1. The speaker terminal/s on the back of an amplifier are, for a typical modern solid state design, essentially considered a "constant voltage source". That means that the audio voltage present is unaffected by the varying load or impedance of the speaker.

Familiar with ohms law ?

Your speaker lead has an essentially constant resistance at all audio frequencies and beyond.

Bi wiring splits the HF and LF signal feeds such that the bass driver of the speaker still draws its large and varying current but now the hf and mid drivers (which draw far far less current) are fed via a separate feed from our "essentially constant voltage" source... our amplifier. So now the critical hf and mid drivers see the accurate voltage present at the amplifier terminals, while the bass driver (which from an audible view is considered less critical) gets a more distorted voltage due to it altering or "modulating" it's own drive voltage.

It is for you by listening to determine whether the change to bi wiring results in a different or better or worse sound.

Whilst the voltage drop across the drivers will vary, I do not see how the voltage will be different at the speaker inputs. The source is the same.

In a parallel circuit, the voltage across each of the components is the same, and the total current is the sum of the currents through each component, this total current and constant voltage will be the same with one single pair of wires or two.
 

Mooly

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Overdose said:
Mooly said:
Whilst the voltage drop across the drivers will vary, I do not see how the voltage will be different at the speaker inputs. The source is the same.

In a parallel circuit, the voltage across each of the components is the same, and the total current is the sum of the currents through each component, this total current and constant voltage will be the same with one single pair of wires or two.

I think this is what you mean :)

You are saying that the single (non biwired) speaker will still see the same voltage at the bass/mid/treble drivers (or the same voltage presented to the crossover) no matter what the audio signal or the resistance of the wire.

The problem here, is that if a large amplitude bass signal occurs in the music and particularly at the point where the impedance curve of the speaker is low then the bass driver will draw more current. That bass signal is "modulating" the content of the whole audio signal as the current ebbs and flows. It is pulling the whole signal level down. The signal at the speaker terminals is different to the signal at the amp output. The difference depends on the audio content and appears as a loss across the speaker lead.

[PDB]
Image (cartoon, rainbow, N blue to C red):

The signal at the amp output is (should be) constant. If the mid and hf units (which draw comparatively little current) are bi wired then they still see the full output of the amp. In audio terms the midrange is the most critical part of the spectrum.

The question is whether that modulating of the signal is audibe as it also modulates the drive to the mid and hf units.

Hope that makes sense.
 

MajorFubar

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That ties in with my own limited experience of bi-wiring, where the main difference I perceive, placebic or not, is in the mid-range. But then again, I’ve had speakers which seem to ‘shout’ too much when bi-wired, and I’ve gone back to single.

I have never worried too much about the science of HiFi. If something I do improves the sound to my ears or perception, then I’ll go with it, irrespective of whether sciences says I must be wrong. Life’s too short to argue about the whys and wherefores. Too much music to enjoy in too little time :)
 
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Anonymous

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Mooly said:
Overdose said:
Mooly said:
Whilst the voltage drop across the drivers will vary, I do not see how the voltage will be different at the speaker inputs. The source is the same.

In a parallel circuit, the voltage across each of the components is the same, and the total current is the sum of the currents through each component, this total current and constant voltage will be the same with one single pair of wires or two.

I think this is what you mean :)

You are saying that the single (non biwired) speaker will still see the same voltage at the bass/mid/treble drivers (or the same voltage presented to the crossover) no matter what the audio signal or the resistance of the wire.

The problem here, is that if a large amplitude bass signal occurs in the music and particularly at the point where the impedance curve of the speaker is low then the bass driver will draw more current. That bass signal is "modulating" the content of the whole audio signal as the current ebbs and flows. It is pulling the whole signal level down. The signal at the speaker terminals is different to the signal at the amp output. The difference depends on the audio content and appears as a loss across the speaker lead.